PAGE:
Asphodelus fistulosus L.
onionweed, asphodelus, wild onion
Fruit a 3-segmented capsule, 1 to 2 seeds per segment. Seeds sectoroid, (2.5)2.8–3.5 mm long, 1.5–2.2 mm wide, 1–2 mm thick, triangular to sector-shaped in cross section, with sharp edges. Two flat faces with 2 to 3 or more dents or cavities on each, back side convex with about 4 transverse dents or cavities. Testa dull, light to dark grey and light brown to black. Additionally some seeds may have a faint to distinct black stripe down each flat face. Surface distinctly pebbled. Hilum inconspicuous. Embryo axile-linear, extending from one pole nearly to the other; endosperm readily visible.
Some authors consider Asphodelus fistulosus L. to be a distinct species from Asphodelus tenuifolius Cav., while others consider the two to be synonymous. (This fact sheet considers the two distinct.) Additionally, Asphodelus fistulosus var. tenuifolius (Cav.) Baker has been named a synonym of Asphodelus tenuifolius Cav.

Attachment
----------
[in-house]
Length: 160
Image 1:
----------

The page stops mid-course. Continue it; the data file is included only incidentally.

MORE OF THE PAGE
Asphodelus tenuifolius Cav. (non-FNW)
Mediterranean region east through the Arabian peninsula to the Indian subcontinent; also in Malaysia, Australia, New Zealand, Chile, Mexico, and United States
native to the Mediterranean region
dry, sandy, and rocky places; a weed of pastures, roadsides, waste places
Asphodelus fistulosus is an annual or perennial herb, up to 30 cm tall. Infestation may significantly reduce the carrying capacity of pasture, as it is not eaten by livestock. This species can be controlled by cultivation; it does not grow well on land that is regularly worked. The plant occurs in a few places in the U.S., but no infestations have been reported.